Preview: US FOMC Statement – 3 Scenario & Expectations
By Nick Nasad | March 13, 2012 10:34 PM EST
Release: US FOMC Interest Rate Decision
Consensus Forecast: <0.25%
Date/Time: 03/13/12 2:15 PM ET (16:15 GMT)
Fed to Sit On Their Hands, While Slightly Upgrading The Assessment of Economy
In the upcoming FOMC statement we don't expect a big change from the Fed as Bernanke had a chance to telegraph any changes or new stimulus measures in testimony before Congress and when he didn't the markets responded by pricing out quantitative easing. Recent economic data including better non-farm payrolls helps to support the case that the Fed will slightly upgrade its assessment of the economy, will continue to strike a cautious tone as growth is not strong enough to materially bring about a downward change in unemployment rate.
There are a couple reasons that cautioned by the Fed in terms of the current recovery is warranted.
- The US economy may already be slowing. After a 3% annualized growth rate in the 4Q 2011 the forecast for 1Q 2012 is for growth that may be below 2%. After the strong job gains over the last three months, a peaking to job creation may be on the horizon.
- The US recovery will still continue to be vulnerable to external shocks including a possible oil spike if there is military conflict with Iran, as well as concerns that despite the Greek debt restructuring that we could face another round of pressure from the European sovereign debt complex. Lastly a slowing Chinese economy may dent the trade prospects for the US.
- Higher gasoline prices should filter through to consumers, leaving less room for discretionary spending. Unless job gains continue on pace, wages improve, or recent consumer credit growth is sustainable, the US consumer may retrench going forward, which would weaken the economy's prospects.
At the same time the Fed will likely be concerned about inflation prospects as can be seen from core CPI running above the 2% annual rate and a steady rise in that breakeven rates.
The breakeven rate looks set the real yield of the inflation linked five year bonds (TIPS) and compares it to the 5-year nominal maturity, giving the market the implied inflation rate for that time period.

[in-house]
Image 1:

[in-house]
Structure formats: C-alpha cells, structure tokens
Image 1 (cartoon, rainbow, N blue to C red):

As we can see above, the 5-year breakeven rate has increased during January and February and therefore may limit the room that the Fed has to introduce fresh monetary stimulus measures.
3 Scenarios and Expectations
1. Announcement of QE or Sterilized QE: Will the Federal Reserve announced another round of QE or some type of sterilize quantitative easing in Tuesday meeting? It seems unlikely. Instead this option will be held in reserve and shows that the Fed is concerned about the implications of more easing on inflation. There are also drawbacks to using this policy as it would raise short-term interest rates which could undermine the carry trade of banks who borrow short term and lend out long-term. Also this sterilize approach was expected to be used during the exit process of its easing not as part of easing itself.
2. Fed Clips The Wings of The Hopeful for More QE: What will be the market's reaction to a failure of the Fed to bring up QE3 or sterilized QE at all? Can it start a stronger correction in equities? The answer is likely that we won't see a sharp sell-off as expectations heading into this event have not priced in mention of QE3 or sterlized QE after Bernanke's testimony to Congress two weeks ago. If the Fed offers further clarification or a stronger than expected upgrade assessment of the economy - thereby more strongly ruling out hope of more stimulus - it would have a negative impact. This too is not as likely, though slightly more so than the 1st option.